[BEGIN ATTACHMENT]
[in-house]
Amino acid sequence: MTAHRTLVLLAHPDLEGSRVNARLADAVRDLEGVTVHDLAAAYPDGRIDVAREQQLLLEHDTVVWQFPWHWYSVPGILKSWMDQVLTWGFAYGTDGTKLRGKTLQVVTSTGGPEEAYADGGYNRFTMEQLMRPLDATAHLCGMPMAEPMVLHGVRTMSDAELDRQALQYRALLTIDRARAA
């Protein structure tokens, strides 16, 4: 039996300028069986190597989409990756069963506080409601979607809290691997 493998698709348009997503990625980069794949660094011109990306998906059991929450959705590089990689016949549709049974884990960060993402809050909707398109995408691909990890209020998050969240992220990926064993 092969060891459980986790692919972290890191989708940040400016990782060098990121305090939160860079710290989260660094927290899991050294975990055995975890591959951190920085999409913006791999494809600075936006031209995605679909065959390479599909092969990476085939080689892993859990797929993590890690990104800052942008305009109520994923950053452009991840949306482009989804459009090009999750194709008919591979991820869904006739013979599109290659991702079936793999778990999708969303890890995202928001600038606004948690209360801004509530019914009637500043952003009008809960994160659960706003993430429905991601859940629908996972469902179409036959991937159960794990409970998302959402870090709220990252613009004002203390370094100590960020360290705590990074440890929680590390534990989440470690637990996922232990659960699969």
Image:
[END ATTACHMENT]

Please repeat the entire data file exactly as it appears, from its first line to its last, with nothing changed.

[in-house]
Amino acid sequence: MTAHRTLVLLAHPDLEGSRVNARLADAVRDLEGVTVHDLAAAYPDGRIDVAREQQLLLEHDTVVWQFPWHWYSVPGILKSWMDQVLTWGFAYGTDGTKLRGKTLQVVTSTGGPEEAYADGGYNRFTMEQLMRPLDATAHLCGMPMAEPMVLHGVRTMSDAELDRQALQYRALLTIDRARAA
């Protein structure tokens, strides 16, 4: 039996300028069986190597989409990756069963506080409601979607809290691997 493998698709348009997503990625980069794949660094011109990306998906059991929450959705590089990689016949549709049974884990960060993402809050909707398109995408691909990890209020998050969240992220990926064993 092969060891459980986790692919972290890191989708940040400016990782060098990121305090939160860079710290989260660094927290899991050294975990055995975890591959951190920085999409913006791999494809600075936006031209995605679909065959390479599909092969990476085939080689892993859990797929993590890690990104800052942008305009109520994923950053452009991840949306482009989804459009090009999750194709008919591979991820869904006739013979599109290659991702079936793999778990999708969303890890995202928001600038606004948690209360801004509530019914009637500043952003009008809960994160659960706003993430429905991601859940629908996972469902179409036959991937159960794990409970998302959402870090709220990252613009004002203390370094100590960020360290705590990074440890929680590390534990989440470690637990996922232990659960699969």
Image: